'Horrific': NZ road toll is deadliest year in decade

Emergency services at the scene of the crash north of Waihola. Photo: Jono Edwards
Emergency services at the scene of a fatal crash north of Waihola yesterday. Photo: Jono Edwards
The country's grim road toll statistics have been described as horrific after 2018 was confirmed as the deadliest year in a decade.

As of last night, 379 people had died on the roads during 2018 — one more than during the previous year.

It is the worst road toll since 2009 when 384 people lost their lives.

Road authorities are calling it an "absolute tragedy" and urging people to be responsible on the roads during the rest of the holiday period.

Ministry of Transport spokesman Brent Johnston said that on average one person was killed every day on our roads and another was injured about every hour of every day.

"The hundreds of lives lost and the thousands injured on our roads this year are an absolute tragedy.

"It is horrific and we need to do something differently."

Everyone had a responsibility to make good choices on the roads, he said. But people sometimes made mistakes and road authorities needed to step up as a result. "We need to design a road system for people — instead of blaming people for failing to survive in the system that we've designed.

"In the meantime, we're asking all drivers and riders this summer to make good choices on the roads.

"No one thinks a crash will happen to them, but we all make mistakes. So please, follow the rules."

Between 2013 and 2017, 1500 people died on New Zealand roads.

The numbers have increased over the past five years at what authorities have called "an unprecedented level".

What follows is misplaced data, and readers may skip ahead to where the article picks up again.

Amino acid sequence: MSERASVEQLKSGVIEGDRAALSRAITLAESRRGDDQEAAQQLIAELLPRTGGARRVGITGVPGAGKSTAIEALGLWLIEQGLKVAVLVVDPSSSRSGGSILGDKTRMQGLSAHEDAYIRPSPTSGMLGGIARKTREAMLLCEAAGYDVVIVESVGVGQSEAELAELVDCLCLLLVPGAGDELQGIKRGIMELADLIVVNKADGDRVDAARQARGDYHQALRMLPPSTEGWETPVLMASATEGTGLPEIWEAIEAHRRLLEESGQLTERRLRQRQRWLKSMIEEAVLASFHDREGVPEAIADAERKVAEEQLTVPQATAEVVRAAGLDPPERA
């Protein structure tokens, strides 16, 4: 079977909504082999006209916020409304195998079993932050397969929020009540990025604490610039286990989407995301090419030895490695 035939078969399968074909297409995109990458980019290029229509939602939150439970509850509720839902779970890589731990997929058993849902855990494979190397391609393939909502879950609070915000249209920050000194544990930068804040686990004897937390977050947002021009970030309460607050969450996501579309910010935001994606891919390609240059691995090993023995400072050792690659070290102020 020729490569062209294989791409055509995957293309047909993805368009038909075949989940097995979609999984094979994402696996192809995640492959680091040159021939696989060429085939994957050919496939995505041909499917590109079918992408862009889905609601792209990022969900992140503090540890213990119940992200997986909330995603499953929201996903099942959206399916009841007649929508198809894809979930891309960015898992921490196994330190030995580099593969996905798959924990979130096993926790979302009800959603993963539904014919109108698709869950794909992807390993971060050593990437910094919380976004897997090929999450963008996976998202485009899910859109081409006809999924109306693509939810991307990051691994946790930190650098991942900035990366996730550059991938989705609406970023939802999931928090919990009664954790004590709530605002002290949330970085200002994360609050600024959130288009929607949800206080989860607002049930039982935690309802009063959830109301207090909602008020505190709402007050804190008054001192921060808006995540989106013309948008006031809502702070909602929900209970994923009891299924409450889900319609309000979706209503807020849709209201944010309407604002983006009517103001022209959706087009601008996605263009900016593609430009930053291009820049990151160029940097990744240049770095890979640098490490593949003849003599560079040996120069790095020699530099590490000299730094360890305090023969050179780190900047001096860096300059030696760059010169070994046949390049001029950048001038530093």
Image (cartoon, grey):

A total of 57 of those killed were children and a further 167 were aged 15 to 19. Nearly 40 per cent of people who died in that period were not driving and had either been cycling, walking or were passengers.

Road safety campaigner and editor of car review site Dog and Lemon, Clive Matthew-Wilson, said he was gutted at the 2018 road toll.

"Quite clearly, just targeting illegal speeds has not worked. In fact, about 85 per cent of the road toll occurs below the speed limit."

Police Minister Stuart Nash last night said a "range of options" were being considered to target drugged drivers, including saliva testing.

Roadside drug testing relied on accurate and easy-to-administer technology, he said.
Any proposed new strategy would be released for public consultation.

"We need to do more to stop dangerous drivers getting behind the wheel and police enforcement on our roads is a key part of this."

As dawn breaks today, New Zealand is coming out of the most deadly time to be on the roads, with more people dying and suffering serious injuries between midnight and 6am on New Year's Day than at any other time of the year, Herald analysis of NZ Transport Agency data has found.

Since 2000, 12 people were killed and 33 suffered serious injuries.

This is nearly twice the next worst morning for deaths and serious injuries on our roads, Waitangi Day morning on February 6.

The words of Auckland road policing manager Inspector Scott Webb ring more true than ever — don't get behind the wheel if you have been drinking or taken drugs, wear seatbelts, keep your speed down and don't get distracted.

His comments followed a spate of serious crashes yesterday.

One person died and another was seriously injured after a crash on State Highway 1, north of Waihola in Otago, at 1.30pm.

Further north several people were injured in accidents on SH1 in the Karapiro and SH15 — the Napier-Taupō highway — which closed roads as crews attended the crash scenes.



No mention of the real elephant in the room here — that 5 years ago the MOT and others were promising that lowering the BAC limit from 0.08 to 0.05 would eliminate 15-33 road deaths a year. Instead, and predictably if one had actually bothered to look at the evidence, the number of deaths has risen significantly each year.